What parents need to know
Parents Need to Know
Parents need to know that this series makes a concerted effort to illustrate important social lessons (honesty, overcoming fear, etc.) throughout each story, after which the characters reiterate the theme directly to viewers and encourage kids to relate it to their own lives. Violence is the main sticking point here, as most of the skirmishes between good guys and bad involve weapons (guns, laser tools, etc.) and some result in implied death. The good news is that as far as violence goes, Bravestarr is an admirable hero who relies on his inner strengths like speed and super senses to get the job done. He’s also a Native American, and the series invites some aspects of his heritage (the use of a Shaman for spiritual guidance, for example) throughout the stories.
What's the story?
In the 23rd century, a distant planet called New Texas is found to be rich in a valuable mineral called Kerium, causing and influx of intergalactic hoodlums bent on mining and stealing the supply. Enter Bravestarr (voiced by Pat Fraley), an intergalactic marshall taxed with keeping the peace and bringing the bad guys to justice. With daily onslaughts from outsiders and a constant barrage from a local gang, led by the mutant Tex Hex (Charlie Adler), Bravestarr relies on his informal supporting cast -- including his anthropomorphic horse Thirty Thirty (Ed Gilbert), the lovely J.B. (Susan Blu), and a local named Deputy Fuzz (Adler again) -- to help him wrangle the villains.
Is it any good?
For an action cartoon, BRAVESTARR offers kids a surprising dose of positive content. What’s more, the show doesn’t make you dig for its messages; it weaves the stories around them and then reviews how the characters’ actions exemplified responsible behavior. In addition, Bravestarr’s Native American heritage plays a big role in his characterization, and the fact that he turns to a Shaman for spiritual guidance and taps into inner strengths rather than using weapons to do his job has good messages for kids.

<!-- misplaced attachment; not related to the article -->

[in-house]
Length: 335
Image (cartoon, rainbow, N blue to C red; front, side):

Despite Bravestarr’s aversion to violence, the rest of the characters do wield weapons, so the show is a good choice for older kids who can separate reality from fantasy. That said, this cartoon has a decidedly ‘80s appearance to it that might make it a hard sell for kids who have grown up in the modern era of CGI and anime. If they’re willing to overlook the cheesiness of some of the characters and simplicity of the animation style, kids will find enjoyable stories with messages that may just make an impact on them.
Families can talk about...
Families can talk about the lessons the characters learn in this show. What was today’s theme? How does this message relate to being a responsible person? Can you think of times in your life when you’ve struggled with this issue? How did you resolve it? What did you learn?
Kids: Do you like this show’s style? Why or why not? How does it differ from the cartoons you’re used to watching? Did the fact that it is an older cartoon affect your enjoyment of the story?
How does the media influence our perceptions of other cultures? Are stereotypes always bad? Do you think this show uses stereotypes? If so, where? Do you think Bravestarr is a good representative of the Native American culture?